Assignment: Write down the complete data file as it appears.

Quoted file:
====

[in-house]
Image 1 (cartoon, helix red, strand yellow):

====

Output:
[in-house]
Image 1 (cartoon, helix red, strand yellow):